Turn off the Lights

Trailer Tracker: Hansel and Gretel: Witch Hunters, The Bay and More

They first found a witch's lair thanks to a broken trail of breadcrumbs; now, after years of training, they're finding witches' heads with arrows. The sweet and innocent siblings Hansel and Gretel are all grown up in the first pulpy trailer for Hansel and Gretel: Witch Hunters. Second, director Barry Levinson, the auteur behind classics Good Morning, Vietnam and Rain Man, embarks on an interesting detour with the found footage outbreak film The Bay. 

Next, prior to Sam Raimi’s Oz: The Great and Powerful hitting theaters next year, we’ll be treated to a musical animated feature starring the likes of Kelsey Grammer, James Belushi and Glee’s Lea Michele in Dorothy of Oz. Last off is the first trailer for the inexplicable sequel to the panned flop Atlas Shrugged Part I from last year with the aptly named Atlas Shrugged Part II. They should team with the Wachowskis and make “Cloud Atlas Shrugged.” But I digress, this isn’t a movie studio board meeting – this is Trailer Tracker.

Hansel and Gretel: Witch Hunters 

Steampunk meets Spaghetti Western with a twist of Grimm in Hansel and Gretel: Witch Hunters, the second “hunter” revision of the past year after Honest Abe took an axe to some pesky vampires. Rising stars Jeremy Renner and Gemma Arterton star as the grown-up brother and sister pair who now act as witch-slayers for hire following their narrow escape as children. From director Tommy Wirkola (the man behind Nazi zombie horror-comedy Dead Snow) “H&G” promises to be among the purest instances of camp to hit theaters in wide release in some time and really seems to be more of a fan-made YouTube video than an effort MGM and Paramount would back.

It’s even more jarring to see Jeremy Renner is such kitschy fare after giving significantly more mature performances in The Hurt Locker, The Town and The Bourne Legacy. I mean, Hawkeye had a bow and arrow in The Avengers, but even his futuristic instrument wasn’t rapid fire. Even more so than Abraham Lincoln: Vampire Hunter, it seems rather unavoidable that this will be anything but laughable dreck especially when we seem to continually have filmmakers take their silly projects far too seriously. Hopefully the strong cast, which also includes Famke Janssen and Peter Stormare, can do something to save face. 

The Bay

Found footage takes the Contagion approach in The Bay, the first horror effort from director Barry Levinson and his first film since the Golden Globe-winning Jack Kevorkian drama You Don’t Know Jack with Al Pacino. Quite honestly, in spite of Levinson being unable to avoid some clichéd zombie movie tropes (even when trying to be a more grounded outbreak procedural), the trailer is pretty darn creepy and immediately hits closer to home than something featuring resurrected undead with half their skulls missing.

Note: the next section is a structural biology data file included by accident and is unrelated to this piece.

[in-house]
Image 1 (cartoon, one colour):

The title refers to the Chesapeake Bay (specifically the portions in Maryland) and the small town where the ecological disaster occurs. It’s unclear exactly what forces are at play, but they involved both toxic water and carnivorous parasites that eventually go all “chestburster” on you. The found-footage genre is getting more and more dry, with ghosts and ghoulies all but having used up their potency.  I somewhat admire that we’re going to new directions with the format, but I simply hope that the new set of clichés that accompany the shaky-cam approach don’t carry over to other settings and situations.

Dorothy of Oz

We return to the yellow brick road once again in Dorothy of Oz, the animated feature from independent studio Prana Studios (Hoodwinked!) and based on the book of the same name, which is an alternate Oz entry written by author L. Frank Baum's great grandson. So far there isn’t much to get excited about with Dorothy of Oz from its run-of-the-mill animation to essential retread of the story (which this time finds our young heroine thrust back to the mythical realm after she finds Kansas decimated by the tornado that transported her originally). This seems strictly for the little kiddies who like bright colors, chipper songs and a simple fantasy tale.

Atlas Shrugged Part II

Ayn Rand’s 1,168 page magnum opus Atlas Shrugged had its first third adapted in 2011, but it failed to connect with audiences or critics who found it to be cheap looking, poorly acted and overall dull due to the lack of an arc (inherent with many instances of splitting a story). Even though the planned sequels were scrapped, the producers went ahead and raised the funds themselves. This trailer is certainly heavier on the action and sci-fi elements of the novel than the first as well as boasting (slightly) higher starpower including Samantha Mathis, Ray Wise and Diedrich Bader (if you don’t know the names you will their faces). Even with a slight upgrade across the board, it seems unlikely “Part II” will rise above its limp predecessor.




Meet the Author

Follow Us